I was glancing through the headlines at CNET news today, and I was surprised to see an article by RMS, the president of the FSF. What makes this surprising is that CNET always seems to have a vaguely pro-m$ agenda. I read through the article, and my surprise diminished.
I was glancing through the headlines at CNET news today, and I was surprised to see an article by RMS, the president of the FSF. What makes this surprising is that CNET always seems to have a vaguely pro-m$ agenda. I read through the article, and my surprise diminished. It occurs to me that it has been a while since I've seen a reputable open source news site post something written by RMS. When I read his article I was embarrassed for the GNU/Linux community. He has truly become an unruly disgrace - open source publications push him under the rug, and proprietary-friendly publications like CNET display him as a pitiful sideshow attraction that degrades the open source community. The exception, of course, is Free Software Magazine, which recently made its debut, was practically designed to glorify him, and promises to regularly print portions of his tedious blog because nobody particularly wants to write for them.
His CNET article included all the usual rhetoric. He blows things out of proportion, he vehemently asserts that he isn't a communist, he whines about the "Linux" nomenclature, and he makes senseless/sensational claims. For the record, I dont think RMS is a communist, or "un-american". If you look at his arguments and ideology, its pretty damn apparent that he isn't. He is obviously a social welfare democrat (or some variation thereof), which is just as indefensible, and almost as misguided.
Communism is coerced equality at any and all costs: it necessitates complete and total disregard for the rights of persons as well as total disregard for whatever inherent value human life may have. Citizens of a communist nation are necessarily slaves of the state. In a social welfare democracy like Sweden, most of the rights of the majority are preserved as long as the representational government remains intact and untainted by political corruption. A great deal of the income of citizens is still appropriated by the government, and many individual rights are ignored or taken away, but it is that way because a majority of the population consistantly votes for it to be that way. They choose to degrade themselves by conceding fundamental rights, and they choose to degrade the quality of their nation by irrationally perpetuating the helplessness of the bottom rung, and they choose to do this because their system values compels them to believe that it is right. Thats what makes it different - in a true communist society, everybody gets degraded and nobody gets to choose, simply because they start with the invalid assumption that its fundamentally right.
I realize that on this site, my dislike for communism puts me in the minority. I dont understand why. Communism is fundamentally incompatible with the ideals of the foss community. In a communist society, equality is more important than freedom, and foss is supposed to be about freedom, not equality.
RMS obviously believes in freedom, and his system of values is such that he believes that redistribution of resources etc. is the best way to protect the freedom of the majority, but he is not so deluded as to think that it is permissible to deny people the right to choose whether or not they want a collectivised society. If you read his biography (Free as in Freedom: Richard Stallman's Crusade for Free Software) you will see that a large part of his value system was influenced by the environments he spent time in, particularly the chaotic MIT AI laboratory that was practically controlled by the unruly students.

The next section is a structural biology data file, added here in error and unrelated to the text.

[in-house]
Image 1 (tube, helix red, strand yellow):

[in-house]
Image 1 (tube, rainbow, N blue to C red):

I don't like RMS because I dislike the social welfare mentality, and I dislike his entire attitude. He lacks the maturity required to write sensible criticism of Gates, so he resorts to calling Gates a communist, which is just as absurd as Gates calling anti-patent activists communists. He doesn't help our cause by deriding Bill Gates. What he should have done is written an article that shows how intellectual property law damages the free market economy. The patent system has been in existence for a very long time. The burden of proof is on us, members of the open community. We have to show the world that our way is better, we cant just criticize their way.
All that said, I still value the contributions that RMS has made to the open source community. The GPL is what makes so much of this possible, and I recognize the value and importance of the GNU as part of the GNU/Linux platform. I choose to affirm the importance of the GNU contribution almost every time I mention the platform, but it really doesn't matter, and he shouldn't make such a big deal about it. In my oppinion, his attitude on the subject seems blatantly self-serving and borderline meglomaniacal. I keep hoping that if we ignore him for long enough, he will just go away.
It's a silly, slippery slope. The XFree86 people recently changed their license to add a BSD-ish recognition clause, which ended up killing the project (death by gpl incompatibility is a sad way to go!). Obviously, a few folks in the XFree86 community want more recognition too, so should we start saying X/GNU/Linux? After all, X is an axiomatic component of most GNU/Linux distributions these days. Frankly, I have enough trouble remembering to include the "GNU" part.
Why cant RMS be more like Eric S. Raymond? ESR is a libertarian, I can't help but admire him. Libertarians are smart enough to realize that the best way to protect rights is to decrease government intervention and regulation. ESR writes clever, insightful, informative, and well-researched articles, he expresses himself clearly and rationally, and his convictions aren't puerile rubbish.